The McCreary County Board of Education met in a special session Monday evening with the purpose of finding out how much they can spend to repair facilities and getting an early idea on what cuts may have to be made to balance the budget before the deadline later this spring.
In past years, when faced with potential cuts, the Board expressed concerns over proposals on what could be done coming from Superintendent Donnie Wright giving them little time to explore other possible actions.
This year the Board has been proactive, requesting frequent updates from District Finance Manager Kristi Curry, and holding special working sessions to develop a plan that would not involve cutting teachers throughout the District.
The first item tackled Monday was determining how the District could pay for much needed repairs at Pine Knot Intermediate and McCreary Middle.
The Board met with Melinda Joseph-Dezarn of Ross Tarrant Architects concerning the construction projects that need to be completed within the school district – namely the roof replacement at Pine Knot Intermediate and foundation repair at McCreary Middle School.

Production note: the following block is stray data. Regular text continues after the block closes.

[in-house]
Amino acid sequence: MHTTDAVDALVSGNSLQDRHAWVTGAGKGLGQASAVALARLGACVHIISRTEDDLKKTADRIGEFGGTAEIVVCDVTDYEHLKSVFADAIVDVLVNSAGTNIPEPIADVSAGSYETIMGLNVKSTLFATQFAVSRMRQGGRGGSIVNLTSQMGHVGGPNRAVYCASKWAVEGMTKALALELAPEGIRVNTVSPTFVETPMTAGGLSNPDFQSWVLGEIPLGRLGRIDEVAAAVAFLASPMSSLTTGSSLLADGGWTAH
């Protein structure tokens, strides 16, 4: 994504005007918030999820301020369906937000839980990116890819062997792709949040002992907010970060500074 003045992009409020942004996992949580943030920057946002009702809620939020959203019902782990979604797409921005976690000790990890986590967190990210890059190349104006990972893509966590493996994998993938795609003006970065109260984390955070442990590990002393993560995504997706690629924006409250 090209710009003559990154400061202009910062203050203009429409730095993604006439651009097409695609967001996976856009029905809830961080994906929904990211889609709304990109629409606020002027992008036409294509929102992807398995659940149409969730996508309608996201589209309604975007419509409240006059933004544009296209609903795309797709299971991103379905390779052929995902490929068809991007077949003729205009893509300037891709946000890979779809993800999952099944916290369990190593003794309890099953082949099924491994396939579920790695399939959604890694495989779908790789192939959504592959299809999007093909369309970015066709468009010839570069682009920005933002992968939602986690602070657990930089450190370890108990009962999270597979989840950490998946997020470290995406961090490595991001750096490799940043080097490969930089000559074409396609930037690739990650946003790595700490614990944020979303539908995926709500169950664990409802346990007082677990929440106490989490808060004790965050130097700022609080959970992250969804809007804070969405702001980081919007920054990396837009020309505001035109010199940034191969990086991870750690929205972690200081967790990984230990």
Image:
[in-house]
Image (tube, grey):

The architect informed the Board that both projects are “critical,” and noted other projects are needed within the next couple of years.
In addition to the roof and foundation, new locker rooms and bath rooms need to be built at the softball field before next season to comply with Title IX requirements, the Bus Garage needs repair, and something needs to be done about the facilities at the Pre-School.
Kristi Curry informed the Board that $167,000 in the construction fund, typically reserved to cover shortfalls in the General Fund, could be used to secure bonding potential of just over $4 million.
The funding could be used to finance not only the roof work, which needs to be completed over the summer break, but could also pay for the foundation repair at the middle school, construct the locker facilities at the softball field and possibly work on the Bus Garage or Pre School as well.
That money can be converted into a bond sale this fall, bringing in funding to pay for the work. The roof project, which already has approval from the state, could be started this summer, before the bond sale, with the money spent being reimbursed to the General Fund once the money is acquired.
The other three projects still need to be examined by an architect and sent to the state for approval.
All projects would be subject to a public bid.
The issue with retaining that money in the construction fund is that it would create an additional shortfall on the 2015-16 budget.
The only other option available to the Board would be to consider raising additional funds through a “nickel tax.” The tax, five cents per $100 of property and motor vehicle assessed value, would raise funds that could only be used for construction.
In many instances, the Board was told, the state legislature will match the funding raised by the nickel tax, effectively doubling the money generated.